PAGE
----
The failure of the F136 engine in late September resulted from a “seal clearance” in the fan that was set too tight, causing friction.
“The issue with engine 008 was unique to that engine,” GE spokesman Rick Kennedy said in an email. “No modification [will be] required to other engines.” Engines 05 and 07 continue to run well in tests.
The program could ill afford any bad news at this time. The Air Force Chief of Staff, Gen Norton Schwartz, appeared to open the door to a compromise with GE and Rolls Royce over the F136 when he said they should invest more of their money in it. And the administration has held tight to its threat to veto any defense bill containing
When the failure was first made public it looked as if it could portend tough times ahead for the second Joint Strike Fighter engine. Here’s what GE said then: “Approximately three hours into a mechanical check-out on September 23 at the GE Aviation facility in Evendale, Ohio, an F136 development engine experienced an anomaly at near maximum fan speed. Engine #008 was shut down in a controlled manner. Initial inspection revealed damage to airfoils in the front fan and compressor area.”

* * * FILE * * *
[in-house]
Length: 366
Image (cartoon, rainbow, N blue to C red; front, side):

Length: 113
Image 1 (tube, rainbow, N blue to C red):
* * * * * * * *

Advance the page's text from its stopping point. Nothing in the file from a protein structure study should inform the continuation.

But GE says no design flaw or systemic equipment problem was revealed. “All of the other engines have continued to run like crazy — and are kicking a***,” Kennedy wrote